James Freeman Clarke
At last, the rally sites are quiet, the ballots tallied and the polling places closed. The U.S. presidential race and the latest nationwide elections have ended. There are winners and there are losers. If it were only that easy for brands.
Brands are trapped in a never-ending state of election, with streams of consumers as either their toughest constituents or someone else's. They are trapped in a tug-of -war between short-term campaign payoffs—the next election is now, tonight, tomorrow, next week, next quarter—versus long-term viability.
In addition, those perpetual voters, the consumers, today are more educated about their choices and have more choices than ever. Mark Twain said, "Don't tell fish stories where the people know you; but particularly, don't tell them where they know the fish." Believe me, consumers know the fish. In this environment, trust and loyalty are not things deserved, they have to be earned and maintained; thus, another quandary for brands.
When every state is a "battleground state" every day, practically every minute, how do brands remain relevant, viable and long-term resources for their customers, employees and shareholders? What fuels this viability? The answer is data. We are awash with data, but it isn't as simple as dipping your hand into a pile of chad and pulling out an answer. There are "rules of order" for keeping tough but valuable constituents engaged and loyal. There are disciplines that lead to stronger coalitions between short and long-term gain.
First, for the level of precision and relevance our modern world requires, the data must be filtered, refined and integrated across all pertinent data streams, internal and external. Thus, a brand must view its data as an enterprise asset.
Next, the brand must invest marketing dollars proportionally in its most valuable (profitable, loyal, socially influential or product ready) customers. I am not dismissing the importance of new customer acquisition, but we all learned in marketing 101 that marketing to existing customers has a higher payoff. Moreover, recognizing what makes a "most valuable customer" helps you prioritize and fund efforts to acquire others. Short and long-term gains can work across the aisle.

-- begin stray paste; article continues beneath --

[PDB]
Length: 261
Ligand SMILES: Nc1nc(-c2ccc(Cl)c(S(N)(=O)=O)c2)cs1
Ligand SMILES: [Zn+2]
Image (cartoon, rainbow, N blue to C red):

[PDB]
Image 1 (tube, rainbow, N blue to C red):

What of the additional clues gleaned from leveraging what a brand knows about customers with what its media and publishing partners know about context? Most marketers don't need more advertising, they need advertising better placed. Examples? In digital advertising, it means matching a destination site's registration list against a brand's customer file. For television, it means matching set-top-box data (from tens of millions of households, not 25,000) against the customer file.
And the golden rule? Use the data these imperatives unlock for customers, for your constituents, not to do something to them. This means optimizing for long-term value. It means being the statesman versus the politician by building trust-based relationships, not quick scores. And while providing relevance to customers based on individual tastes and needs is paramount, savvy, responsible marketing leaders will be transparent in providing choice in the use of the data.
I'm convinced that there is a huge opportunity for data, when used in a responsible fashion, to drive commerce and to make lives easier, safer and healthier. Brands can campaign for immediate results and remain relevant, viable and long-term resources for their customers, employees and shareholders, their every minute, every day electorate. Brands can thrive in a state of constant election. They just need the proper fuel.